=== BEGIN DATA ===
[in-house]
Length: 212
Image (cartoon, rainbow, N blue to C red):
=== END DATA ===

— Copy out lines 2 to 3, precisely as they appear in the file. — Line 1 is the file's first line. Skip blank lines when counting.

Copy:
Length: 212
Image (cartoon, rainbow, N blue to C red):